EPA Announces Resources to Help Partners Better Address Nutrient Pollution Affecting Waters
WASHINGTON (August 13, 2021) — Today, the U.S. Environmental Protection Agency (EPA) released three new resources to assist the agency’s state, territorial and authorized Tribal partners to address adverse effects of nutrient pollution, including freshwater harmful algal blooms (HAB). These resources will help EPA’s co-regulators and partners better protect recreators, aquatic life, and drinking water sources from the detrimental effects of nutrient pollution. The three resources include, the agency’s Final Recommended Nutrient Criteria for Lakes and Reservoirs, a web-based tool with information and tracking of HABs, and a Technical Support Document to aid implementation of certain HABs criteria.
“EPA’s new resources advance the agency’s commitment to providing innovative, science-based and data-informed tools to support our partners’ efforts to reduce nutrient pollution and harmful algal blooms, and to empower the public to stay informed of their health risks,” said EPA Assistant Administrator for Water Radhika Fox. “With stressors like climate change exacerbating the effects of excess nutrients in waterways, it’s crucial that our partners have the water quality standards and advisory programs in place that can protect our communities.”
Final Recommended Nutrient Criteria for Lakes and Reservoirs
EPA has published revised recommended ambient water quality criteria under the Clean Water Act to help address nutrient pollution in lakes and reservoirs. As the first update to EPA’s nutrient criteria in 20 years, these recommendations represent a significant advancement in the scientific understanding of the impacts of nitrogen and phosphorus in our waters. These new criteria will help protect drinking water sources, recreational uses, and aquatic life in our nation’s lakes and reservoirs. The new recommendations are based on statistical stressor-response relationships developed from data collected in approximately 1,800 lakes nationwide and incorporated into national models.
The Agency wants to ensure that our co-regulators have the tools they need to implement their nutrient reduction priorities. The national models are designed so that states, territories, and authorized Tribes can also incorporate local data into the models to account for unique local conditions. EPA stands ready to assist our partners in using the new models through the agency’s Nutrient Scientific Technical Exchange Partnership & Support (N-STEPS) program. States, territories, and authorized Tribes can consider adopting the recommended criteria into their water quality standards but are not compelled to revise existing EPA-approved criteria or total maximum daily load (TMDL) targets.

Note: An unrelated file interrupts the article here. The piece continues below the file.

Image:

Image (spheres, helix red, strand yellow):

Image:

Tracking CyanoHABs StoryMap
EPA has also published a new ArcGIS StoryMap that will allow the public to learn about and track reported cyanobacterial HABs (cyanoHABs) in freshwaters across the country. CyanoHABs can harm ecosystems and contaminate freshwaters with toxins that can lead to serious human health impacts. There is scientific consensus that the incidence of cyanoHABs has increased in the nation's freshwater systems in recent years, in part due to climate change. EPA’s Tracking CyanoHABs story map creates a single online resource for information about cyanoHAB events across the U.S. It consolidates freshwater advisory and closure information from state environmental and health agencies into user-friendly, interactive maps. In addition, the story map includes links to information on freshwater HABs causes and effects; several EPA tools on HABs preparedness and response; and state and local HAB resources such as the laboratories that perform analysis of water samples for cyanotoxins. We hope these maps can help the public better understand the occurrence of cyanoHAB events and our public and private sector partners further explore the causes of cyanoHAB formation.
Implementation Support for EPA’s Recreational HABs Criteria
To help states, territories and authorized Tribes protect swimmers from two cyanobacterial toxins (cyanotoxins) produced by cyanoHABs, EPA has also published Final Technical Support Document: Implementing the 2019 Recommended Recreational Water Quality Criteria or Swimming Advisories for Microcystins and Cylindrospermopsin. This document explains how states, territories, and authorized Tribes may adopt EPA’s 2019 recommended criteria for the two cyanotoxins into their water quality standards or use the criteria in swimming advisory programs. The document also addresses implementation of the 2019 criteria recommendations through other Clean Water Act programs including identifying and listing of impaired waters, and TMDL development.
To view EPA’s final recommended lakes and reservoirs criteria document, go to: https://www.epa.gov/nutrient-policy-data/technical-support-numeric-nutrient-water-quality-criteria-development
To view the final technical support document for implementing EPA’s 2019 recreational HABs criteria, go to: https://www.epa.gov/wqc/recreational-water-quality-criteria-and-methods#rec4
To view the Tracking CyanoHABs Story Map, go to: www.epa.gov/cyanohabs